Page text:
Critical Race Theory? No, Critical Race Fact

Critical Race Theory researchers have gathered enough evidence by now that the dynamics they explore are a hard reality.

Signs opposing Critical Race Theory line the entrance to the Loudoun County School Board headquarters, in Ashburn, Virginia, U.S. June 22, 2021. REUTERS/Evelyn Hockstein
Signs opposing Critical Race Theory line the entrance to the Loudoun County School Board headquarters, in Ashburn, Virginia, on June 22, 202 [Reuters/Evelyn Hockstein]

The past three years in the US and elsewhere have been a boon for conservative and fascist forces looking to whitewash public schools, public universities, and public libraries of anything not centring heterosexual white men in a purely positive light. Critical Race Theory has been their boogeyman and their proxy to attack any anti-racist efforts in the public sphere.

They have already managed to disrupt freedom of thought across educational institutions. In states like Florida, Tennessee and Oklahoma, professors without the protection of tenure (usually Black and Latinx) have been not-so-quietly cancelling courses that hint at Critical Race Theory.

At the University of Florida, Professor Christopher Busey felt compelled to file a grievance in 2021 against his university because administrators were censoring his work for using the words “critical” and “race” to describe the curriculum concentration he was hired to teach.

In Texas, there was even an attempt to ban the use of the word “slavery” in high school history lessons and replace it with “involuntary relocations” in 2022.

These attacks on Critical Race Theory as a way to get anti-racist ideas out of public institutions are themselves an example of what the theory is meant to interrogate and illuminate: the centrality and immovability of racism in the US and in Western civilisation.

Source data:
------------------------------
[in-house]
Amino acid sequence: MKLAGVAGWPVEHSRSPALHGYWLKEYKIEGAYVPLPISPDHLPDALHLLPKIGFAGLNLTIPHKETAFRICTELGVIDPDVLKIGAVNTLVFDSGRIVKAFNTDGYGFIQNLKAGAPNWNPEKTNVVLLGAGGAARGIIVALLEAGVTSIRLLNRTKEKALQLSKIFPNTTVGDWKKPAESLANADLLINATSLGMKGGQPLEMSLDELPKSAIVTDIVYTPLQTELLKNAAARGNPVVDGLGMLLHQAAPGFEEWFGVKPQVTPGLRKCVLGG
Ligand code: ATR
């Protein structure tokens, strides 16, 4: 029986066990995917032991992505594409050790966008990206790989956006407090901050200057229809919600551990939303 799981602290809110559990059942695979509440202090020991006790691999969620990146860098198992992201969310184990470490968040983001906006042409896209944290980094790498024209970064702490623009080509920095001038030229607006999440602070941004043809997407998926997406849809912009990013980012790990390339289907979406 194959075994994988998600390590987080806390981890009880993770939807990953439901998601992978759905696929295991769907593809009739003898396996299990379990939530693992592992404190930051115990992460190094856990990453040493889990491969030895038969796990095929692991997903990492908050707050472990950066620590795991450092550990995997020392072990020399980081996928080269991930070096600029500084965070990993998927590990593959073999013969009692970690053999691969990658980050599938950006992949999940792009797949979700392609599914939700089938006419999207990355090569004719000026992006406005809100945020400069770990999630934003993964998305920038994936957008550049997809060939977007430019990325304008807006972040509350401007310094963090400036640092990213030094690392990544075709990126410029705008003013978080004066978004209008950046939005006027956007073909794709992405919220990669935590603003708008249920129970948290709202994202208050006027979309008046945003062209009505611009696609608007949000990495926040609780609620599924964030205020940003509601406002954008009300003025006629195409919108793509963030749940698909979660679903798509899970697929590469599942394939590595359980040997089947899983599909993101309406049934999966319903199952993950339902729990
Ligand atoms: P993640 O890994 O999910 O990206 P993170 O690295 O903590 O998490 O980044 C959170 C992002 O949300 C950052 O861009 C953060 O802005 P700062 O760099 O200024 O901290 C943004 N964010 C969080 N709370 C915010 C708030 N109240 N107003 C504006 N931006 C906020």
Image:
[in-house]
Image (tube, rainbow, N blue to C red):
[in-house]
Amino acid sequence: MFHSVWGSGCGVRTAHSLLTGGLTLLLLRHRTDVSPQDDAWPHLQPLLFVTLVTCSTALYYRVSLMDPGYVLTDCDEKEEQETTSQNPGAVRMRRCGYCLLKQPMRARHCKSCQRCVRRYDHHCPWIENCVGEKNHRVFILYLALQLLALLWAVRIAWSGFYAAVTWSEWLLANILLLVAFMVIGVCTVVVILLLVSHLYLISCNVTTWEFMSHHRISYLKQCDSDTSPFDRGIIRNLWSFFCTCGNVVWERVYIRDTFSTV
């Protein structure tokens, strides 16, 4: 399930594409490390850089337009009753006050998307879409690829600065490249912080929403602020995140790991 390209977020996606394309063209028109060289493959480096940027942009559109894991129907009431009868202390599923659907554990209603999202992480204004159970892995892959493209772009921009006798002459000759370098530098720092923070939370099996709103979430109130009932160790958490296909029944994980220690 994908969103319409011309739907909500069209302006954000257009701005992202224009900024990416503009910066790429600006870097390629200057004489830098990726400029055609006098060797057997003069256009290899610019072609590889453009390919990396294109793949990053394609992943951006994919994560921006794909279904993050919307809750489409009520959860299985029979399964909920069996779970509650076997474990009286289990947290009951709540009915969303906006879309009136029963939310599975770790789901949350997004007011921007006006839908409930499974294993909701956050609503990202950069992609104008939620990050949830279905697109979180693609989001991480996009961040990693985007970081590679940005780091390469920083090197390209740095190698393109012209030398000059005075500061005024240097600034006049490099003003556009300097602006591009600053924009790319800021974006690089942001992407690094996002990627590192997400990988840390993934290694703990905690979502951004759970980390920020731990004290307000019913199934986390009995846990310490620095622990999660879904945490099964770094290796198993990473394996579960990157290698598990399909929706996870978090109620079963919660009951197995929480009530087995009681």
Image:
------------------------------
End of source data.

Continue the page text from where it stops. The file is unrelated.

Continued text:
In fact, they prove that Critical Race Theory is not really a theory – it is a hard reality. Like evolutionary biology, it has moved from hypothesis and theory to bedrock facts replicable through evidence and experiments.

The evidence

There is no simple or singular definition for Critical Race Theory, but it is more than the study of modern racism and more than just African American history. It is a set of methodological approaches meant to shine a light on the US and the West and their ultimate myth: That modern racism was an accidental consequence of exploring the globe and exploiting its diverse peoples, its lands, and its resources.

Modern racism was and remains a central component of Western civilisation, the bedrock upon which it built its economic and military greatness, as seen in its laws and policies the world over.

Social and legal theorists studying Critical Race Theory have pointed to the existence of laws, treaties, and customs that allowed the Transatlantic Slave Trade to expand in the 16th and 17th centuries.

They have highlighted how ruling French, Spanish, Portuguese, and English colonials enacted laws in the 16th, 17th, and 18th centuries collectively known as Slave Codes, making permanent chattel slavery through the lineage of enslaved African women.